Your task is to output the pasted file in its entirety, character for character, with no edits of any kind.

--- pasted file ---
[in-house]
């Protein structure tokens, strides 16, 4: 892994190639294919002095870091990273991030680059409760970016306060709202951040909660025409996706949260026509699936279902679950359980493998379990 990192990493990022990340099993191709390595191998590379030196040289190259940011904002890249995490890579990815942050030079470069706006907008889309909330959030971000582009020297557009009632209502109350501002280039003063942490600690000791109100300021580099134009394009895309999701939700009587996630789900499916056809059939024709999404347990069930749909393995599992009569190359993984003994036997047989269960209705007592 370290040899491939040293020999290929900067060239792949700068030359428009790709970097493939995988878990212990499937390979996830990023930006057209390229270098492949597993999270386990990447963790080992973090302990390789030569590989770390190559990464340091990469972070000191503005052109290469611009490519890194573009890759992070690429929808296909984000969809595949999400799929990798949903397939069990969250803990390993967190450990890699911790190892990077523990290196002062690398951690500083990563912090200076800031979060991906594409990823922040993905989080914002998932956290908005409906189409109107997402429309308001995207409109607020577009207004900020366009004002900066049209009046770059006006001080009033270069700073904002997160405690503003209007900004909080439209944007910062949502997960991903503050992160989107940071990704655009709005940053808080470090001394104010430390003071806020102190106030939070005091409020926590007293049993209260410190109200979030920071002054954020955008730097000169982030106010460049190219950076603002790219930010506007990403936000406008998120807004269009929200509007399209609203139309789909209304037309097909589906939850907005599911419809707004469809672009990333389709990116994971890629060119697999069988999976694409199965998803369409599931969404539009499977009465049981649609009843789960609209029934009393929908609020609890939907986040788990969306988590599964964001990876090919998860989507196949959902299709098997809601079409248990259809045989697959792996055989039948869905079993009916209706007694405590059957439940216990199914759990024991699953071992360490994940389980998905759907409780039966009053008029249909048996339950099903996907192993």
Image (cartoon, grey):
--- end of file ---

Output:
[in-house]
């Protein structure tokens, strides 16, 4: 892994190639294919002095870091990273991030680059409760970016306060709202951040909660025409996706949260026509699936279902679950359980493998379990 990192990493990022990340099993191709390595191998590379030196040289190259940011904002890249995490890579990815942050030079470069706006907008889309909330959030971000582009020297557009009632209502109350501002280039003063942490600690000791109100300021580099134009394009895309999701939700009587996630789900499916056809059939024709999404347990069930749909393995599992009569190359993984003994036997047989269960209705007592 370290040899491939040293020999290929900067060239792949700068030359428009790709970097493939995988878990212990499937390979996830990023930006057209390229270098492949597993999270386990990447963790080992973090302990390789030569590989770390190559990464340091990469972070000191503005052109290469611009490519890194573009890759992070690429929808296909984000969809595949999400799929990798949903397939069990969250803990390993967190450990890699911790190892990077523990290196002062690398951690500083990563912090200076800031979060991906594409990823922040993905989080914002998932956290908005409906189409109107997402429309308001995207409109607020577009207004900020366009004002900066049209009046770059006006001080009033270069700073904002997160405690503003209007900004909080439209944007910062949502997960991903503050992160989107940071990704655009709005940053808080470090001394104010430390003071806020102190106030939070005091409020926590007293049993209260410190109200979030920071002054954020955008730097000169982030106010460049190219950076603002790219930010506007990403936000406008998120807004269009929200509007399209609203139309789909209304037309097909589906939850907005599911419809707004469809672009990333389709990116994971890629060119697999069988999976694409199965998803369409599931969404539009499977009465049981649609009843789960609209029934009393929908609020609890939907986040788990969306988590599964964001990876090919998860989507196949959902299709098997809601079409248990259809045989697959792996055989039948869905079993009916209706007694405590059957439940216990199914759990024991699953071992360490994940389980998905759907409780039966009053008029249909048996339950099903996907192993």
Image (cartoon, grey):